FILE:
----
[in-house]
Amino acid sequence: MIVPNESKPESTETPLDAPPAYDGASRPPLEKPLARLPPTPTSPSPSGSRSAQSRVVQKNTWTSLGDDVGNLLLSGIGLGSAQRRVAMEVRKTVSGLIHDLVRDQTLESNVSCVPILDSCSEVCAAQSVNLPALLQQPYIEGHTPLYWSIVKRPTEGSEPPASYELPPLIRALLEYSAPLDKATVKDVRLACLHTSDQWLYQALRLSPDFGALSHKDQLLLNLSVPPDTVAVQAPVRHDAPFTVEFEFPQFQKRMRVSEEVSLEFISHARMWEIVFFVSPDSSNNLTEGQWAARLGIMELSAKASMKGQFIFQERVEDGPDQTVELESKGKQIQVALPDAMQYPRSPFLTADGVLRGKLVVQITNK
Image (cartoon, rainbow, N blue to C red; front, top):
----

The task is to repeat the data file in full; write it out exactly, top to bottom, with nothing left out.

[in-house]
Amino acid sequence: MIVPNESKPESTETPLDAPPAYDGASRPPLEKPLARLPPTPTSPSPSGSRSAQSRVVQKNTWTSLGDDVGNLLLSGIGLGSAQRRVAMEVRKTVSGLIHDLVRDQTLESNVSCVPILDSCSEVCAAQSVNLPALLQQPYIEGHTPLYWSIVKRPTEGSEPPASYELPPLIRALLEYSAPLDKATVKDVRLACLHTSDQWLYQALRLSPDFGALSHKDQLLLNLSVPPDTVAVQAPVRHDAPFTVEFEFPQFQKRMRVSEEVSLEFISHARMWEIVFFVSPDSSNNLTEGQWAARLGIMELSAKASMKGQFIFQERVEDGPDQTVELESKGKQIQVALPDAMQYPRSPFLTADGVLRGKLVVQITNK
Image (cartoon, rainbow, N blue to C red; front, top):